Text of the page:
{
  Write-Host "Usage: ManageLocks.ps1 host uid pwd [options]";
  Write-Host "      options";
  Write-Host "      -------";
  Write-Host "      list                          - Get list of locks";
  Write-Host "      get     lockname              - Get status of a lock";
  Write-Host "      acquire lockname timeout desc - Create a new lock";
  Write-Host "      release lockname              - Release an existing lock";
  Write-Host "      wait    lockname              - Wait until lock is released";
  exit;
}

Initialization

As is with all of my iControl PowerShell scripts, validation is made as to whether the iControlSnapin is loaded into the current powershell context.  The Initialize-F5.iControl cmdlet is then called to setup the connection to the BIG-IP for subsequent calls.

The main application logic checks for the passed in command and then passes control to either the Get-LockList, Get-LockStatus, Acquire-Lock, Release-Lock, or Wait-ForLock local functions which I will talk about below.

 

function Do-Initialize()
{
  if ( (Get-PSSnapin | Where-Object { $_.Name -eq "iControlSnapIn"}) -eq $null )
  {
    Add-PSSnapIn iControlSnapIn
  }
  $success = Initialize-F5.iControl -HostName $g_bigip -Username $g_uid -Password $g_pwd;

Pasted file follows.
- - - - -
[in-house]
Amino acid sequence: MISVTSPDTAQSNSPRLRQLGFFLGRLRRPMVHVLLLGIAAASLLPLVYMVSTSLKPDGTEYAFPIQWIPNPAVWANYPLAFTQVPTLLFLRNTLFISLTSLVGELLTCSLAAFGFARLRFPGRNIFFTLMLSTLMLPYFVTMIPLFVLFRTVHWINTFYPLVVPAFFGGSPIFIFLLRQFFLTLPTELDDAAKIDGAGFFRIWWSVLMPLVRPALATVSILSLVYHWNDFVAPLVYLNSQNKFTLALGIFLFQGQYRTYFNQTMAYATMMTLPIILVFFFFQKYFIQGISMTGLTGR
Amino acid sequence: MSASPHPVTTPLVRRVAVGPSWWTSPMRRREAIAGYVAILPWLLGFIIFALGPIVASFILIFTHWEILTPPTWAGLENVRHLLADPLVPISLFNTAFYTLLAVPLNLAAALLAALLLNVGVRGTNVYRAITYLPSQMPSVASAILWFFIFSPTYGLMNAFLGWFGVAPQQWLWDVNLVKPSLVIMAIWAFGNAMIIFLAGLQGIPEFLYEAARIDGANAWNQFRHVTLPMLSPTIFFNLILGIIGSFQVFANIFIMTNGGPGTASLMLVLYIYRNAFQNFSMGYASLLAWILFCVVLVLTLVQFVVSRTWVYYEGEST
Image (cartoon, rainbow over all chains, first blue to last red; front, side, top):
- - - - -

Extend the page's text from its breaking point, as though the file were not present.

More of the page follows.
return $success;
}

#-------------------------------------------------------------------------
# Main Application Logic
#-------------------------------------------------------------------------
if ( ($g_bigip -eq $null) -or ($g_uid -eq $null) -or ($g_pwd -eq $null) -or ($g_cmd -eq $null) )
{
  Write-Usage;
}

if ( Do-Initialize )
{
  switch ($g_cmd.ToLower())
  {
    "list" {
      Get-LockList;
    }
    "get" {
      Get-LockStatus $g_lockname;
    }
    "acquire" {
      Acquire-Lock $g_lockname $g_timeout $g_desc;
    }
    "release" {
      Release-Lock $g_lockname;
    }
    "wait" {
      Wait-ForLock $g_lockname;
    }
    default {
      Write-Usage;
    }
  }
}
else
{
  Write-Error "ERROR: iControl subsystem not initialized"
}

Retrieving A List Of Locks

The Get-LockList function is simply a call to the iControl get_lock_list method.  This returns a string list of currently active locks.  This list is then passed into the Get-LockStatus function to query the status of each of the locks and display it to the console.